Shaping Arguments and the Superhero Square-Off: Batman vs. Spiderman
We frequently discuss the inter-connectedness of argumentation skills and content learning and knowledge. To think critically, and to enter an argument-based dialogue, about an issue or controversy, we have to have a baseline of content knowledge. Students are unable to generate much in the way of counter-arguments, for instance, when they are unfamiliar with the terms, context, and specific elements of an issue. Likewise, if content knowledge is taught outside of an argument framework it can be quickly forgotten, lacking purpose and relevance for students. It is also limited to the surface unless students think critically and apply higher-order thinking to this subject-area content.
So we consistently try to bring together content and thinking skills objectives. Still, there are occasions when students can productively take part in activities that either are solely focused on argument skills, or are solely focused on building content knowledge. This activity has students practice argumentation skills in the absence of academic content. Students shape and make arguments on the fun topic of superheros and their super-powers.
This list of debatable questions for use in the Shaping Arguments Activity should be viewed a set of suggestions. Neither exhaustive nor intrinsically superior to other questions not included, the questions on this list are models of the kind of questions teachers and students can create themselves.
Which superhero is it tougher for evil villains to defeat, Batman or Spiderman?
Which superhero would make a better NBA basketball player, Batman or Spiderman?
Which superhero would make the better United States President, Batman or Spiderman?
Which superhero would make a better teacher, Batman or Spiderman?
Method and Process
These are the steps that teachers should take to implement this version of the Shaping Arguments Activity. This activity can be fitted within a single 50-minute class period.
The class should be introduced to the set of debatable questions on Batman vs. Spiderman. Provide context for the questions, as needed. Solicit from students one or two argumentative claims that can be made on each side of the questions.
Divide the class into two halves, a Batman side and a Spiderman side. Further divide each side into groups assigned to each of the debatable questions. Each group should have a leader tasked with organizing the work of the group and ensuring that the group is prepared for the actual Shaping Arguments Activity.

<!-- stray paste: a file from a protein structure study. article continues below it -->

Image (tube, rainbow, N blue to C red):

Groups should be given 10 – 15 minutes to prepare informal arguments. Arguments can be shaped in accordance with the claim – evidence – reasoning structure, or in a less formal claim – backing structure. Evidence should be as factual and as objective as possible, so students should try to make references to actual feats or actions or statements from the movies or comics as evidence and backing.
When the groups are ready to go, begin the activity with the first round on the first debatable question. Rounds should last about 10 minutes. Call on students, alternating sides (Batman, then Superman, then Batman, then Superman). Students should speak for 30 seconds or less. No student can speak a second time until every student in their group has spoken once.
During the round students can do one of three things. (1) They can make an argument for their side of the debate, their superhero (Batman or Spiderman), or add evidence or backing to an argument their side has already made. (2) They can make a counter-argument to an argument the other side has made. Or (3) they can respond to a counter-argument or another response made in the round.
Very important: you should track the argumentation on a board or projector for the class. Each side’s argumentation should have its own color – e.g., Batman in black marker, Spiderman in red marker. And you should use shapes around the argumentation. Arguments should have a circle around them. Counter-arguments and additional responses should have a square or rectangle around them. Also, lines should connect argumentation when it is responsive, and the lines should have an arrow pointing to the argument that is being engaged with and responded to. Only track new, additive argumentation; do not take note of what is repetitive or non-germane.
Students on each side that are not participating in a round can shape arguments and give suggestions to the participating group on its side of the question by sending in notes or post-its with their ideas.
You can offer a verdict on each round by very briefly analyzing the tracked argumentation on the board, noting especially successful uses of evidence or of refutation, and resolving each argument toward an overall choice of one of the sides.
Consider using an Argument-Centered Education assessment instrument, or your own assessment system for the activity.